AdministratorNovember 22, 2020 at 2:03 pm
Here’s an example of a campaign that I’m investing in not because of the potential upside (although in this case there is some), but because of the perks.
In this case, I’m looking at Digital Brands Group currently on Wefunder.
First thing you’ll notice is that the security type is an uncapped Convertible Note with a 6% interest rate and 30% discount. Normally I’d stay away from uncapped convertible notes and SAFEs as it essentially means you’ll just get the (typically) smaller discount applied when it converts to equity.
But here is where things get interesting.
They have said in numerous places that DBG Brands plans to file their S-1 for an IPO with the SEC by November 27, 2020.
Assuming the IPO is in March 2021, that means your money could be locked up for about 4 months (maybe 1-2 months longer).
At IPO, they have said your Convertible Note will convert at a 30% discount with no lockup period. This means if the share price at IPO happens to be $10, you’d get it for $7 a share – and could immediately sell it for $10/share, netting more than a 30% gain (3/$7 = 43% gain).
So you lock in an immediate gain based on the 30% discount. Potentially less (if it drops in price one public), but potentially more if it goes up. And you aren’t locked in to a certain price until they set the IPO price, at which point the 30% discount is applied.
On top of all this, they are offering perks – e.g. $250 for $500 invested, $500 for $1,000 invested in DSTLD gift cards.
Risks: the risk of all this going south is not zero, but I estimate it to be relatively low risk right now. Let’s say coronavirus happens to spike and kill their sales again (despite a vaccine being so close), they could scrap the plans for IPO. Or a number of other things could lead to backing out of the IPO, meaning your money could be tied up longer (but still not zero unless they are to fail – which seems unlikely to happen so quickly, especially if they are filing their S-1). Also, shares could plummet by more than 30% the day of the IPO. In that case, you might get a little less back than what you invested; however, if you include the 50% bonus of gift card credit for DSTLD due to the perks, it still gives you quite a big price buffer to deal with any IPO day volatility.
For example – if you invest $500, the estimated baseline profits (assuming IPO share price doesn’t move) is:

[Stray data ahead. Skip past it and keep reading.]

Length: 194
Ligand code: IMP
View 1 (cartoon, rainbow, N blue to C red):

Total final value: $250 gift card + 30% discount ($500*1.3 = $650 equity) = $900 at the time of IPO
ROI in less than 6 months is $900/$500 = 1.8X, with a very high IRR due to the short time period.
To lose money on this deal, something very bad would have to happen to the company that causes them to back out on the IPO, or your shares would have to plummet in value more than $400 ($250 gift card + $150 bonus equity) the day of opening, which is a $(650-400)/650= 61% drop in the initial IPO price. Probably unlikely.
For this reason, I’m investing (again) in DSTLD, mostly to update my wardrobe, but also because it is likely that I’ll also make a little money on the deal and the clothes will be a bonus.
Remember you will also have to pay short-term capital gains taxes assuming you sell in less than a year, and may have other taxes due to the interest gained on the Convertible Note.
Disclaimer: I invested in an earlier round of Digital Brands Group for the exact same reason – in addition to getting a $500 equity stake in the company, I got a $500 gift card to buy new clothes from DSTLD online. The clothes are definitely comfy, which is why I’m coming back for more.
MemberDecember 10, 2020 at 2:39 pm
You have an interesting position on this company.
My first thought, after just a quick look at their financials:
- Revenues down 20% – yes COVID, so take it with a grain of salt
- A Net Loss of over $5.6M
- Short-term Debt of over $8.4M (an increase of 41%)
- Cash-on-hand of just over $208K
- A 3-month revenue average of just under $60K – It is nice to see revenues cover COGS and operational expenses but it will take some time for $60 a month to put a dent in that debt.
I wanna steer way clear of it.
Still, you make a compelling argument. My only concern is the potential for them to back out and getting stuck long-term. Then I’ve invested in a company that, on paper, looks very scary to me.
Because it’s not set in stone, and their numbers go against my investment plan, I think I’m going to pass. Now, if I was a client of theirs and liked their products, I could see the perk as me simply updating my wardrobe, and then if I happen to make money, great, but I’m not in that position.
AdministratorDecember 11, 2020 at 4:44 pm
Completely agreed that there is still substantial risk; I hope I wasn’t giving the impression that there’s absolutely no downside risk here!
Again, I was investing purely because the value of the clothes credit basically gave me a massive buffer, so I don’t want my position here to be miscontrued as “this is a great investment” (then again, I’m not saying it isn’t; there are several big-name investment services out there that think have recommended earlier rounds several times).
That being said, it could still go to zero before IPO or they don’t IPO and I get locked in for a lot longer than expected; but technically I’ve already gotten $0.75 on each $1 back in store credit (assume my equity becomes worthless), and still gives a potential upside, so it’s the type of risk asymmetry that fits my personal risk / reward profile.
That begs another question – would I normally spend $500+ at a fashion store like this? Probably not. But these jeans are mighty comfy!
MemberDecember 11, 2020 at 4:46 pm
I totally get it, and I almost jumped on because I do need some clothes. You didn’t give the wrong impression. I was just tossing my hat into the ring.
I’ll have to check out the jeans 😆.
Log in to reply.